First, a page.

I JUST got word that a friend in the 80s who has lived abroad in Innsbruck for many years, has finally gone out of the house since the passing of the love of her life in 2019.
I might not have had the pleasure of meeting her husband but, usually among close friends, one gets a better-than-rough inkling of how some relationships are going, judging from how fondly they talk about love ones, plus those little intangibles that are hard enough to explain, but tells you somehow that all is smooth sailing.
Linked only by messenger and other online apps, which sadly at most, average two times in a year, we’ve still managed to get in touch. A few times in 2019, I poked her online to ask “how are you?” and just engaged her in small talk, as relatives have said she had kept to herself in her room much of the time and for that, I hoped I might cheer her a bit. Then sometimes, out of the blue, her messages would just pop up in the middle of the night, to let off some pent-up emotions, react to some things I posted on social media or engage me in conversation about travel.
Nope, the quarantine has had little effect on her, as she’s been a hermit already when the pandemic happened. Once, her sarcasm shone through when she declared, “I’m ahead of the rest…” when it came to social distancing. Admittedly, I’ve had wild imaginings of scattered things around the house and unwashed dishes in the sink or wine bottles lying about, but when she showed me once a shot of her small house, everything was neat and in order. So, I guess this was one serious hermitanya out there in St. Johann in Tyrol.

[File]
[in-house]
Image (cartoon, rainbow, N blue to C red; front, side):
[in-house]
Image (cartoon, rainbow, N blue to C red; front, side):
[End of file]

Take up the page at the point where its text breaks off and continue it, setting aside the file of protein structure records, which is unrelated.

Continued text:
Then the news. Leaving her refuge of so many years and walking out the gate, finally out into a stark pandemic world must really be a daunting task for someone whom I consider frail (she’s skin and bones). However, shame on me for even thinking that. She doesn’t need pity, and I’m sure that I’d surely get a slap had I been there in the flesh. To prove my point, when I suggested that she take baby steps first. She retorted, “Sinong baby?”, so I just peeped a sheepish “ingat” instead.
So, how about us, where do we find ourselves now in the midst of this ungainly, still-uncertain pandemic landscape? While many of us have gone at it with tricks of our own, maintaining a sense of regularity in order to keep sane, there are those, stubborn and defiant, who are slowly melting in the heat.
Already, even with new variant threats arising, hard-headed people still abound and I’ve warned my friend of encountering such in her travels. For one who has faced insufferable loss, feeling all alone, emerging out from her cave and out of her own personal darkness, she had merely shrugged as if to snarl, “Don’t me.” No emoticons needed.
HONORING MY MOTHER
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